Mini Guide to Croatia

Located in the south of Europe, Croatia sits on the east side of the Adriatic Sea. After the independence war, tourism has been growing at a steady rate. Now, readers of Condé Nast Traveler ranked the country among the top 20 countries in the world.

Since as many beaches are protected inside nature reserves, tourists tend to flock to the coast. Some people do go inland to see the impressive waterfalls or go hiking in the beautiful mountainous region.


Croatia is served by most European airlines, which fly into Zagreb, Zadar, Split, and Dubrovnik. The same applies to train travel. The country has a vast network, which connects all the major cities.

You can go everywhere by bus as the services are good and reliable. Another option is to rent a car and drive around the country. For brave backpackers, you can hitchhike.

On the coast, there are boat and ferry services connecting the main islands and cities.


Croatian is the official language in the country, which is a variety of Serbo-Croatian and part of the South Slavic branch. It’s spoken by 95 percent of the population, with Serbian coming in second. Other minority languages include Italian and Czech.

However, at least half of the population speaks English and roughly a third German. So, travelers won’t have communication issues traversing the country.

Main Cities and Towns


Zagreb is Croatia’s capital. It’s divided between Donji grad (the lower town), where most hotels are located, and Gornji grad (the upper town), which is the old medieval city with plenty of churches, galleries, and palaces.

Highlights include:

  • Jarun Lake, where visitors can go windsurfing in the summer, and;
  • The 1876 Mirogoj Cemetery, which is considered one of the most impressive in the world.


Also known as “the Pearl of the Adriatic,” Dubrovnik has been an important Mediterranean seaport and a maritime trade rival to Venice during the Middle Ages. In recent years, it has risen in popularity as one of the filming locations for Game of Thrones.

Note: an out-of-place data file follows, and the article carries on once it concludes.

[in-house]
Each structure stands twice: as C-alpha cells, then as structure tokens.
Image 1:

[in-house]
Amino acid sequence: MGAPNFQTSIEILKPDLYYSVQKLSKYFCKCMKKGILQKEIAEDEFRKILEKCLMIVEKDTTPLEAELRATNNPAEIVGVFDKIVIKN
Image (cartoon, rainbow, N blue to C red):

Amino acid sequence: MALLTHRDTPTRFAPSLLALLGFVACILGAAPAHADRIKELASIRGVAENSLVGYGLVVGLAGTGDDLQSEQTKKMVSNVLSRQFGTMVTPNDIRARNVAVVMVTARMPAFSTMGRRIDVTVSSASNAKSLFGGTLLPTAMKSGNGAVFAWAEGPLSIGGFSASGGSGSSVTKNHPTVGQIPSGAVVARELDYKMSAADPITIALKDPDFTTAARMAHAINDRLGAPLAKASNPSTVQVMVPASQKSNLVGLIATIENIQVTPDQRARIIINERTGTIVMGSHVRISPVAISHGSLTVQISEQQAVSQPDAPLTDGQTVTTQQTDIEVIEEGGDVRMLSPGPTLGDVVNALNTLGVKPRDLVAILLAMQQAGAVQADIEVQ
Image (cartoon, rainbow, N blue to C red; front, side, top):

The main attraction is the Old Town with its narrow alleyways, churches, and medieval feel. Travelers can walk along the city walls and enjoy amazing views from the top. Other popular sites include the boat trip to Lokrum Island with its many peacocks and the impressive cable car ascent to Mount Srđ.


Split is considered by many as the unofficial capital of Dalmatia since it’s the main economic hub on the coast. The city center was built around the remains of the Diocletian’s Palace, where the Roman emperor retired in 305 AD.

Visitors should climb the bell tower of St. Duje’s cathedral for incredible panoramic views of the city. If it’s too hot, make sure you walk to the small Bačvice beach and sunbathe with a cocktail in hand.

Interesting Sites and Natural Wonders

Krka National Park

Located between Split and Zadar, Krka is one of Croatia’s eight national parks and the perfect location for a day trip.

Travelers can swim at Skradinski Buk, a massive natural pool boasting 17 waterfalls with heights of up to 47 meters. Another famous waterfall is Roški Slap, which can be reached by boat or via a short hiking trail.

Hvar Island

A popular destination in the Adriatic Sea, Hvar Island is home to Stari Grad, the oldest town in Croatia, dating back to 384 BC.

Apart from enjoying the many beaches dotted around the island, travelers can visit the amazing nearby Blue Cave and Pakleni Islands. For those interested in history, it’s worth visiting Trg Sveti Stjepana (Hvar Town Square), the largest in Croatia at 4,500 square meters, and the impressive Cathedral of St. Stjepan.

Plitvice National Park